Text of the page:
“When we join the Canadian family, we should not hide our identity,” Harper declared. “Never will I say to my daughter that a woman has to cover her face because she’s a woman.” Mulcair, for his part, accused Harper of attempting to “hide his record”—particularly on the flailing economy—“behind a niqab.”
The location of these comments was telling. Quebec’s determination to retain its French language and culture has made it fertile ground for nativism. Its previous Parti Québécois government sought to ban the use of conspicuous religious symbols by civil servants (the “conspicuous” qualifier allowed for small crosses, but excluded burkas, turbans, and yarmulkes), and to require citizens seeking services from them to keep their face uncovered. Quebec is also the NDP’s stronghold, a source of more than half the party’s seats in the last parliament. By exploiting hostility against Muslims, Harper could undermine Mulcair’s commanding lead in Quebec. Sure enough, the New Democrats’ support in Quebec dropped sharply during the last two weeks of September.
That same month, Harper’s campaign recruited the Australian election strategist Lynton Crosby, who has been accused of using dog-whistle appeals to anti-immigrant sentiment to, among other things, help engineer the British Conservative Party’s recent electoral victory. Encouraged by the shifting polls, Canada’s Conservatives piled on, announcing a police tip line citizens could call to snitch on neighbors’ “barbaric cultural practices.” The prime minister mused about banning civil servants from wearing Muslim head coverings.
A government-commissioned poll last March showed overwhelming public disapproval of women wearing the niqab during citizenship ceremonies. But disapproval is one thing; the specter of bureaucrats compelling women to remove clothing quite another. Canadians still like to think of themselves as tolerant and welcoming. By picking on an unpopular religious minority—Muslims constitute just 3.2 percent of Canada’s population—the government provoked widespread outrage. The Globe and Mail called the government’s tack a “culture war fabricated to take voters’ minds off the real and complex issues in this election.” The Toronto Star accused Harper of “relentlessly fanning hostility toward Muslims.” Canadians dismayed by the bigotry flocked to the sarcastic hashtag #BarbaricCulturalPractices to denounce everything from wearing socks with sandals to Harper’s refusal to investigate the cases of 582 missing and murdered aboriginal women in the country.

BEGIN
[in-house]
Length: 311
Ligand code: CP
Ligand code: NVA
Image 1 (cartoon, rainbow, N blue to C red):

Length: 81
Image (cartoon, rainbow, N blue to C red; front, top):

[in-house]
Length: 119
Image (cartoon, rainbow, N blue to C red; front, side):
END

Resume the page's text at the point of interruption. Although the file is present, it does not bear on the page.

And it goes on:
Sabotaging NDP support in Quebec had unintended consequences for the Conservatives. The NDP’s declining poll numbers signaled to anti-Harper voters that Liberal Justin Trudeau, son of Canada’s late Prime Minister Pierre Trudeau, was the better bet for defeating the current government. Trudeau outperformed Harper in a foreign-policy debate in late September, coming across not as the flaky naïf portrayed by the prime minister, but rather as a cheerful, energetic young man facing off against “two old grumps,” as one commentator put it. In the final days of the campaign, Trudeau’s Liberals have pulled ahead of the Conservatives and far ahead of the New Democrats, with some supporters of the latter apparently decamping to the more promising Trudeau. (The Liberals also suffered a setback this past week when Trudeau’s campaign co-chair resigned, after the disclosure of an email in which he advised an energy company on how to lobby Canada’s next government.)